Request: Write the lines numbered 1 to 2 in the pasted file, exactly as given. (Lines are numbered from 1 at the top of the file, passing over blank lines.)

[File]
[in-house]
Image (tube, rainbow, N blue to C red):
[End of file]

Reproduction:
[in-house]
Image (tube, rainbow, N blue to C red):